Study finds running water involved in majority of pediatric bathing burns

Image of faucet with running water

Researchers at the University of Chicago Medicine are calling for updated infant bathing guidelines after reviewing cases of young patients treated for bathing-related scald burns at the academic health system’s burn unit. In a recent study, the group found that about 95 percent of burns infants suffered while bathing involved running water.

“The majority of children under three years old admitted for scald burns while bathing involved running water,” said study author William Moser, MD, who was a pediatric resident at UChicago Medicine Comer Children’s Hospital at the time of the study and is now a child abuse pediatrics fellow at Lurie Children’s Hospital. “These cases are not abusive or negligent. We can’t blame parents for not knowing about something that’s not featured in current guidelines.”

According to Moser, current bathing recommendations from leading pediatric institutions like the UChicago Medicine’s Burn Center with bathing-related scald injuries between 2010 and 2020. Researchers assessed risk factors including whether there was running water, whether water temperature was checked before placing the child in the water and whether a caregiver was present for the entire bath. Thirty-seven of the 101 cases had only one of these three risk factors, and the vast majority of those 37 involved running water as their only factor.

Study co-author Veena Ramaiah, MD, is an associate professor of pediatrics at Comer Children’s Hospital and a board-certified child abuse pediatrician. The Child Advocacy and Protective Services team that she is part of evaluates every pediatric patient under three years old who is admitted for burn injury, to provide expertise on concerns or suspicions of abuse or neglect. The vast majority of these burn cases, she said, do not fall under those categories and are accidental due to parental lack of knowledge of the risks.

“In addition to children suffering long-term physical and psychological consequences from these burns, cases often get reported to the Illinois Department of Children and Family Services for investigation,” said Dr. Ramaiah. “Many physicians don’t know about running water as a risk factor. Even if a caregiver is standing right next to a baby in the bath, they can’t control how fast these burns happen.”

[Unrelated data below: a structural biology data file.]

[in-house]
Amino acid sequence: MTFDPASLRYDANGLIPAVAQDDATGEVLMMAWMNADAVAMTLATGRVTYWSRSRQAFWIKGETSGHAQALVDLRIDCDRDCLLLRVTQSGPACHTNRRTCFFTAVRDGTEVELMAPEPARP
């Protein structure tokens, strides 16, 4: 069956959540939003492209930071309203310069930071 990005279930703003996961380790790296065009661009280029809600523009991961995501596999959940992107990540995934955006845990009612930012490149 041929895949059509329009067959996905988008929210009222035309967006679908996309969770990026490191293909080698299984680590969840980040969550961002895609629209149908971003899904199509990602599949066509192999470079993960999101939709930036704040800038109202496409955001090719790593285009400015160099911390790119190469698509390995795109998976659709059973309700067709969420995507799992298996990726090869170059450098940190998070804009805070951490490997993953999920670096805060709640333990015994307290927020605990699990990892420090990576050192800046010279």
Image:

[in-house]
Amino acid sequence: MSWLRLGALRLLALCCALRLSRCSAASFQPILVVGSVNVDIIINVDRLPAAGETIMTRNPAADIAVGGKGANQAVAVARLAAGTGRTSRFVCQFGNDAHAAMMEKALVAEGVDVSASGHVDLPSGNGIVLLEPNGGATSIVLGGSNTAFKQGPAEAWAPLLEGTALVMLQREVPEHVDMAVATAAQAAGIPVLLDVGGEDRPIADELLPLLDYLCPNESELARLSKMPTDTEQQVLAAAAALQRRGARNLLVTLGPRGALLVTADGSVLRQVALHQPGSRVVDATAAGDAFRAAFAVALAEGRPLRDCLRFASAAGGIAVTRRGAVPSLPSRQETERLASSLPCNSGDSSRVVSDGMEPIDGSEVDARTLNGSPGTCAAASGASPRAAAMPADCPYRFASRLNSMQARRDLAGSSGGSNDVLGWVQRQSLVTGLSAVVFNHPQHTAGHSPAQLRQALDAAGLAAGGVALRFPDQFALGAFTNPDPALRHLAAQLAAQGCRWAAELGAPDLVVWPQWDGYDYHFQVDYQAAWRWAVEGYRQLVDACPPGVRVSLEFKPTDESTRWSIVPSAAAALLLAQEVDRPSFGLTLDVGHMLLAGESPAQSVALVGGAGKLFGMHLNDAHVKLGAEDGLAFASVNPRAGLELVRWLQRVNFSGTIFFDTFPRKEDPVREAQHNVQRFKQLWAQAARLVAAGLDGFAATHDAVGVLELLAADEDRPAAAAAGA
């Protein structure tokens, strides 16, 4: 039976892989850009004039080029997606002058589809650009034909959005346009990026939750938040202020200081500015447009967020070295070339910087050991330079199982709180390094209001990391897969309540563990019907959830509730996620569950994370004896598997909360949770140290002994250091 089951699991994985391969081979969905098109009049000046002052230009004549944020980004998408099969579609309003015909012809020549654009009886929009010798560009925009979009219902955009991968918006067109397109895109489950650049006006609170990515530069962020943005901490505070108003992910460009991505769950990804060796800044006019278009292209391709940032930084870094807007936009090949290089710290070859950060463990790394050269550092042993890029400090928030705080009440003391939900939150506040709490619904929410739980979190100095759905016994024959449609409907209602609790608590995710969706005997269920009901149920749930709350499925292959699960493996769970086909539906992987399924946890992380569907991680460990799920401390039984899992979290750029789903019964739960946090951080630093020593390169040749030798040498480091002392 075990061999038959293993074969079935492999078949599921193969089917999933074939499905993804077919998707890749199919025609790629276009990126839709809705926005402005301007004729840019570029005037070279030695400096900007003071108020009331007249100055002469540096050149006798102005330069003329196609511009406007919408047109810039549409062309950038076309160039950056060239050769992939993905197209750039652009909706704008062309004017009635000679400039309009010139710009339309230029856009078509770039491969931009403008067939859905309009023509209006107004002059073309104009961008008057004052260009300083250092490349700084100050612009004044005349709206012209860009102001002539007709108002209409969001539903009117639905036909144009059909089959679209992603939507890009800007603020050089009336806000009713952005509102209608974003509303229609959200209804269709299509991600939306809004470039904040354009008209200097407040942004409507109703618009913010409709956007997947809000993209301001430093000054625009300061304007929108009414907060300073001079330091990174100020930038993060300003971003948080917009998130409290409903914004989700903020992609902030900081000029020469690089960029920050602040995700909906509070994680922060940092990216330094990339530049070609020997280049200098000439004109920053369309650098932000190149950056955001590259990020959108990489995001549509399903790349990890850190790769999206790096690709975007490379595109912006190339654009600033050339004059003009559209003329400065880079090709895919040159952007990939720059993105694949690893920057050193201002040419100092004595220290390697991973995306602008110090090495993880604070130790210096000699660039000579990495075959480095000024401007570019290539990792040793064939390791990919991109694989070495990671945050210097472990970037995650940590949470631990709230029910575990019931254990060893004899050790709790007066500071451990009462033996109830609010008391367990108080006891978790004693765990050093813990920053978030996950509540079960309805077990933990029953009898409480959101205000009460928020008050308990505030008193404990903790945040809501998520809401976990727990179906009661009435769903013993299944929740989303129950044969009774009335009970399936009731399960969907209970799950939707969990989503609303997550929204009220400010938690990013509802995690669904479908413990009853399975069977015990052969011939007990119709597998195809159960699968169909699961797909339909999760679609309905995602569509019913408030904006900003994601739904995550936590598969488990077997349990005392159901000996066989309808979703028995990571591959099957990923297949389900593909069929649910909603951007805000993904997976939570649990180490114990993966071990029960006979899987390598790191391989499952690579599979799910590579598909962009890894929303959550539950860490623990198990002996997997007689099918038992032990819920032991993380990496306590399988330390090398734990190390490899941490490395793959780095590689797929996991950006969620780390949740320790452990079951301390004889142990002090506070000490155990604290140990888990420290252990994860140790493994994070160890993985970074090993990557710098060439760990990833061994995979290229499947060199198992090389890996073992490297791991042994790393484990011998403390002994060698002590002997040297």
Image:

The study authors said while research exists on the benefits of safety measures like water heaters with temperature control devices, getting legislation passed that would require home and building owners to implement these appliances has had varying levels of success around the world.

“This is a tough issue to address wholesale,” said Moser. “Fixtures with built-in safety mechanisms aren’t cheap. It really starts with educating caregivers on the risks they have the ability to mitigate.”

The study authors say the best advice for caregivers is to fill a tub or sink, turn off the faucet and then check the temperature of the standing water to make sure it’s safe. Only then should parents or caregivers place a child in the water. People should also consider the proximity of knobs and faucet handles to themselves and the child — the farther away, the less chance they have of being accidentally turned on or off. This is especially common when infants are bathed in sinks where hot and cold water knobs are easily accessible to the child.

The study, “Sebastian Vrouwe, MD; and Jill Glick, MD.